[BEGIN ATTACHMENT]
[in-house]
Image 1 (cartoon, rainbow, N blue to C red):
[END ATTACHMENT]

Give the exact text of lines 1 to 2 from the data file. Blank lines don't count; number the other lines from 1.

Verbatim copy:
[in-house]
Image 1 (cartoon, rainbow, N blue to C red):